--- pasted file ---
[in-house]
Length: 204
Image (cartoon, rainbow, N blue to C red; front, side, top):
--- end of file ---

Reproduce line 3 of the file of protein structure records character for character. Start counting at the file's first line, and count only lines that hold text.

Image (cartoon, rainbow, N blue to C red; front, side, top):